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Are the default objects supported by My keyword in VB.net is a kind of singleton? If not, what is the difference?

Again is this "default object" feature is something useful? If yes, then why it is not implemented in other languages like C#?

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My is a namespace not a singleton, but the "default objects supported by My keyword" are thread-local singletons (i.e. one instance per thread) as can be seen when using Reflector.

And the ThreadSafeObjectProvider<T> that provides this support is generated in each assembly compiled by VB.NET and is Friend so it is not available for external use.

Nevertheless its implementation is easy to replicate in your own ThreadSafeSinglton<T>. It is effectively a normal .NET singleton pattern except the backing field has the <ThreadStatic> attribute.

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It is not a Singleton.

My is just a namespace containing static classes, methods and properties that point to other parts of the .NET framework, and provide some additional capabilities (e.g. CopyDirectory) Think of it as a set of shortcuts, a speed-dial of sorts.

Visual Basic provides language/compiler support with the My keyword. You can use the My classes in C# by adding a reference to Microsoft.VisualBasic.dll, but it is awkward, and not all classes are compatible with C# (they are VB specific). In C#, unless you want some of the VB capabilities (like "CopyDirectory"), it is more convenient to just reference the .NET framework classes directly, IMO.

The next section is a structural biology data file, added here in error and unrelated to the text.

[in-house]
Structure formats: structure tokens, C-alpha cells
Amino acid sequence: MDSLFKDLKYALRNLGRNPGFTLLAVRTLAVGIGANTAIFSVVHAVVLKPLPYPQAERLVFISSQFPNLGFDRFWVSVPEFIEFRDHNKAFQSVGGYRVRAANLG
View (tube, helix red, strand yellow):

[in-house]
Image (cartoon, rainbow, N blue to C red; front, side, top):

Visual Basic has a somewhat different language philosophy than C# does. Originally, VB was to be the "applications" language, and C# was to be the "systems" language. Since then, the two languages have converged, and the feature sets of the two are almost indistinguishable, with a few notable differences (this being one, XML Literals being another).

I am quite certain that, if you asked Eric Lippert or one of the other members of the C# compiler team, they would tell you that implementing new features is a tug-of-war between available resources and feature importance, and that this particular feature just never hit threshold.

Navigate The .NET Framework And Your Projects With The My Namespace
http://msdn.microsoft.com/en-us/magazine/cc163680.aspx

My Namespace
http://msdn.microsoft.com/en-us/vbasic/ms789188

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So, "why it is not implemented in other languages like C#?" –  Gulshan Dec 20 '10 at 16:54
    
@Gulshan: I added some additional detail about that. –  Robert Harvey Dec 20 '10 at 16:56
    
It was implemented in vb.net to make the transition from VB6 to VB.net easier, or at least more appealing to VB6 programmers. Something like it might make it's way to C#, though C# seems more attached to modularity and OOP –  Martijn Dec 20 '10 at 19:01
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Though the capabilities of the languages have converged, there are still differences in design philosophy and in typical user preferences. The "My" feature, like XML literals, fits well with the VB philosophy of making common tasks highly discoverable to opportunistic programmers. The more "general" C# philosophy eschews special treatment for specific tasks. And yes, of course there are budgetary concerns as well, as you note. –  Eric Lippert Dec 22 '10 at 16:02
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